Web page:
Filing Bankruptcy After 60? Steps You Can Take To Handle Nondischargeable Debt

Filing Bankruptcy After 60

More than forty-five years have passed since Title IV of the Higher Education Act which authorizes the government to issue federal student loans was passed in 1965. Many students who took advantage of the student loan program then and in the years following still find themselves mired in debt which is nearly impossible to discharge in bankruptcy. Many of those students are over 60 years old and find that student loans, taxes and other difficult to discharge debt is holding them back financially.

Below are a few tips how older bankruptcy debtors can handle difficult to discharge debt:

  1. If you’re over 60 years old, have low-income and/or health problems work with your bankruptcy attorney to file an “undue hardship” case with the bankruptcy court.  Student loan debt can be discharged in bankruptcy if they present an undue hardship to the debtor.
  2. If you are unable to win your undue hardship case in bankruptcy, you may want to apply for an “income-contingent” payment plan if you have federal student loans. If your student loans are held by a private company, contact them about a payment plan that is conducive to your situation. Many private lenders offer payment plans which are similar to the income-contingent plan offered by the government.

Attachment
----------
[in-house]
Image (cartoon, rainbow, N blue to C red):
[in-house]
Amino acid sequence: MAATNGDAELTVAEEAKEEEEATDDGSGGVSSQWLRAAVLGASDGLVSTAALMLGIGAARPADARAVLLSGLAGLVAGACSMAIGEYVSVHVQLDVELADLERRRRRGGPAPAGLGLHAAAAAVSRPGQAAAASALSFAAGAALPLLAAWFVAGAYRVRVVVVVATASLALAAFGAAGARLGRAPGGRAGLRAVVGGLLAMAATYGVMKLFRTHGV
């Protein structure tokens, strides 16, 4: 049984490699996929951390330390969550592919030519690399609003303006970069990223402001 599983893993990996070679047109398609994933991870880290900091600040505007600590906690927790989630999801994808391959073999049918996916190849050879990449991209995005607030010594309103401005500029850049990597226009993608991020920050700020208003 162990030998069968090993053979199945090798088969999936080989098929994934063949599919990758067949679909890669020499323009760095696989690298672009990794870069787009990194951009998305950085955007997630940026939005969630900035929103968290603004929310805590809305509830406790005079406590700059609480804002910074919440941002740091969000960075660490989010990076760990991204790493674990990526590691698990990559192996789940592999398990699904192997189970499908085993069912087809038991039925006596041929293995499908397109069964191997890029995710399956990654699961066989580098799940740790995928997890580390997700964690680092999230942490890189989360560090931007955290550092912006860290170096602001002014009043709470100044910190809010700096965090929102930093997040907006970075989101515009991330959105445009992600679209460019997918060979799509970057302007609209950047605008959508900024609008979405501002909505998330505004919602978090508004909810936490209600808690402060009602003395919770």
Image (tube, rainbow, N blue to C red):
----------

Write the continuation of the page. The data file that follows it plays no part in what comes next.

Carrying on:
3. Consider doing work which offers student loan forgiveness. The government has several student loan forgiveness programs for teachers, nurses and other professionals willing to work in underserved areas (or meet other criteria). Visit this site for more information on the teacher program:
  4. If you have outstanding taxes, but don’t have enough income to pay and maintain the basic living standards after bankruptcy, apply for “uncollectible status.” When a debtor’s tax debt is designated as “uncollectible” he/she will be free from tax collection efforts for at least a year; but sometimes more. Once your income increases you can then apply for a repayment plan with the IRS and they will take into account all of your other debts including student loan debt.

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